The Immigrant Brain Drain: How America Is Losing Its High-Tech Talent

BY Vivek Wadhwa  July 25, 2013 at 1:36 PM EST

Diversity boosts high-tech innovation in America, argues Vivek Wadhwa. Photo courtesy of John Moore/Getty Images.

Paul Solman: There aren’t enough IT jobs to meet demand? Vivek Wadhwa, director of research at Pratt School of Engineering, Duke University and a fellow at Stanford Law School, questions that claim. He responds to Wednesday’s post on the Making Sen$e Business Desk from Hal Salzman, B. Lindsay Lowell and Daniel Kuehn, in which they argued that competition from high-tech guest workers is keeping domestic workers’ wages low and making it harder for native STEM graduates to find jobs in their fields.

Wadhwa, the author of “The Immigrant Exodus: Why America Is Losing the Global Race to Capture Entrepreneurial Talent,” takes issue with much of their reasoning and shows that the demand for STEM workers in this country is still higher than the supply. “Data may say it’s a sunny day, but you need to open the window to make sure that it isn’t actually raining,” Wadhwa says, confronting Salzman’s work.

In earlier Making Sen$e posts, Wadhwa broke through conventional wisdom to argue that innovation comes from experience, and that twice as many entrepreneurs are over age 50 than are under 25. Now, read Wadhwa’s attempt to open the window onto another kind of Silicon Valley diversity.

Vivek Wadhwa: Early in my academic career, at Duke University, I researched the graduation rates of engineers in India and China. Based on the numbers, I concluded that India’s IT industry would perish, China would rule the world in innovation, and the U.S. was doing just fine.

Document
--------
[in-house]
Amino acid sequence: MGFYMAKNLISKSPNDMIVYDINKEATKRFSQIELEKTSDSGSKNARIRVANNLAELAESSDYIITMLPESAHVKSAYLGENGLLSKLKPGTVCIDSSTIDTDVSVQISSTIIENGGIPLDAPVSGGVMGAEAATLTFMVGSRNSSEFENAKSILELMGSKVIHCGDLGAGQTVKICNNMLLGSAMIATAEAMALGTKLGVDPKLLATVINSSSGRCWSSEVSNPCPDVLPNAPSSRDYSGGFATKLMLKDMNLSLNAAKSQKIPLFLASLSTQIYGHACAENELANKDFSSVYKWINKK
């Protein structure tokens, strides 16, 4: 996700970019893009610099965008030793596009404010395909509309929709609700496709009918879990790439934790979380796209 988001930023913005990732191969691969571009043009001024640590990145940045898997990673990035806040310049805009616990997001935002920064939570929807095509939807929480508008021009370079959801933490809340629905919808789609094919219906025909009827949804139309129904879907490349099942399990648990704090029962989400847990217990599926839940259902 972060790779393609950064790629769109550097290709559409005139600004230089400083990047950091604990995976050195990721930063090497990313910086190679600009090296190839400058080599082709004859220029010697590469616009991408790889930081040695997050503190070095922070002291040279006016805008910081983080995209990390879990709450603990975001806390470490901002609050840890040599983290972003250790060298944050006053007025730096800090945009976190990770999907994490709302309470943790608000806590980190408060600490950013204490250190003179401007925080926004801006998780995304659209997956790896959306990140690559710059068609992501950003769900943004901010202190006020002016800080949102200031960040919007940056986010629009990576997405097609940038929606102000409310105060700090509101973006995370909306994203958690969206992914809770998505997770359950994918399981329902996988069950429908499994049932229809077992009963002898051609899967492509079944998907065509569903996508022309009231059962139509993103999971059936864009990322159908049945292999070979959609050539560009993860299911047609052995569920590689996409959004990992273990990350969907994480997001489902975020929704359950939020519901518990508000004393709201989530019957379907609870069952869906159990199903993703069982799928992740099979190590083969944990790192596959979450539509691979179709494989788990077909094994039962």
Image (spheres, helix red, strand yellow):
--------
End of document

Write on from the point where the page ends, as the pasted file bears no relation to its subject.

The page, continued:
I also read papers by academics who analyzed U.S. science and engineering graduation data. They said that the U.S. was graduating three times as many engineers and scientists as it needed and that the excess graduates were moving into other professions. They also claimed that U.S. student performance on mathematics, science and reading tests had improved relative to other countries — and that U.S. enrollment in math and science courses was increasing. The concerns that parents, academics, businesses and policymakers have about U.S. science, technology, engineering and mathematics (STEM) education were therefore, the papers claimed, unfounded.

I believed them and wrote about this in a BusinessWeek article titled “The Science Education Myth.”

Then I learned an important lesson: numbers never tell the complete story and some academics spend too much time in ivory towers. Data may say it’s a sunny day, but you need to open the window to make sure that it isn’t actually raining.

The graduation data were indeed misleading. Subsequent research that I performed by traveling to India, China and Silicon Valley revealed that India’s IT industry was booming, China’s graduates could not innovate and U.S. tech centers were starved for engineering talent.

I also researched the secret of Silicon Valley’s success. I learned that diversity and openness gave it a global advantage. I was surprised to find that immigrants were dominating the Valley’s entrepreneurial ecosystem and fueling U.S. innovation and job growth. My research team documented that from 1995 to 2005, immigrants founded 52 percent of Silicon Valley’s technology companies and contributed disproportionately to the patents filed by leading tech companies such as Qualcomm (72 percent) and Cisco (60 percent).

I realized that flawed data analysis and protectionist demands by nativists are causing our political leaders to advocate immigration policies that are choking U.S. innovation and economic growth.